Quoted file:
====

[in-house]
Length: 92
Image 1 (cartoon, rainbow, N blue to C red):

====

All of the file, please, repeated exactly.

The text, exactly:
[in-house]
Length: 92
Image 1 (cartoon, rainbow, N blue to C red):